There is a list for the oldest verified claims, and a smaller list of disputed claims. However, out of the ten "verified" claims, three are disputed. Can anyone explain this?Mk5384 (talk) 01:15, 6 March 2010 (UTC)

This is to cover the pure fraud case of Shigechiyo Izumi and other suspicious cases. Shigechiyo was only 105 years old at his death. For the Japanese government to save face over the lie of his birthdate and protect his family This fraud was never pulled from the records. The true fact is no man has ever reached a 116 birthdate. This fraud claimed 5 years more than the true record holder. —Preceding unsigned comment added by (talk) 02:52, 6 March 2010 (UTC)

That's not correct. The reason is that there are several cases that were accepted as "verified" by Guinness World Records and/or other authorities, such as Shigechiyo Izumi, whose validation was later called into question. It is the policy of science to accept a claim as verified, once accepted, unless published reports contrary to the claim have been made, at which point a decision to retract may be made. For example, the Pierre Joubert claim to age 113 was "verified" in 1878 but not discredited until 1990...see for example

1. (this case was even in the Britannica!)


Just as in track and field, official records stay on the books until there is consensus to withdraw, at which time a record may be withdrawn (for example, Marion Jones had to return her gold Olympic medals).

At this point, the material published against the Izumi case has amounted to little more than a "leak" to the Japanese news in 1987. If/when Guinness decides to withdraw recognition, this case may be removed.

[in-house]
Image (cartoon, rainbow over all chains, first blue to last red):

Wikipedia, it should be noted, is following a pluralistic policy by first including Izumi (favoring one point of view) and then offering addenda lists of persons that would be included if disputed cases weren't (favoring a second point of view). Using a main list/addenda list gives both points of view, and therefore are in accord with Wikipedia's NPOV policy.Ryoung122 05:37, 6 March 2010 (UTC)

Longest living POLISH people

Place Name, Surname Age Date of birth Province
1 Marianna Ostrowska[1] 112 5 sierpnia 1897 podlaskie
2 Józef Kowalski[2] 110 2 lutego 1900 lubuskie
3 Apolonia Lisowska[3] 110 18 lutego 1900 mazowieckie
4 Julianna Szewczyk[4] 109 1 czerwca 1900 mazowieckie
5 Julianna Garbacz[5] 109 czerwiec 1900 świętokrzyskie
6 Jadwiga Wrzos[6] 109 1 listopada 1900 mazowieckie
7 Łucja Sobolewska[7] 108 8 maja 1901 zachodniopomorskie
8 Helena Kucharska[8] 108 21 października 1901 kujawsko-pomorskie
9 Konstanty Jung[9] 108 1 listopada 1901 lubelskie
10 Bolesław Krugło[10] 108 22 stycznia 1902 wielkopolskie
11 Marianna Misiewicz[11] 108 26 stycznia 1902 podlaskie
12 Marta Chylewska[12] 107 8 października 1902 pomorskie
13 Marianna Szewczyk[13] 107 7 grudnia 1902 wielkopolskie
14 Józefa Stanisława Szyda[14] 107 11 marca 1903 łódzkie
15 Marianna Jaroś[15] 107 21 marca 1903 małopolskie
16 Marianna Mróz[16] 106 18 września 1903 wielkopolskie
17 Aleksandra Dranka[17] 106 3 października 1903 podkarpackie
18 Franciszka Rogowska[12] 106 14 października 1903 pomorskie
Erm, English, please. BrendanologyContriB 11:19, 10 March 2010 (UTC)

Michalina Wasilewska , Warsaw 21.12.1898 - Warsaw 03.01.2010, at the age 111

Jadwiga Wrzos - last information 07-11-2008

Konstanty Jung - last information 03-11-2008

Julianna Garbacz - last information 18-04-2008

other information from 09. to 12. 2009 and to 02.2010

Please help us. We are from Poland we have unofficial very big database, not published. for more information , please contakt :

or better

That's not a real database, that's a WIKIPEDIA page...with no standards. I see questionable longevity claims (116 in 1888?) on there.Ryoung122 00:14, 13 March 2010 (UTC)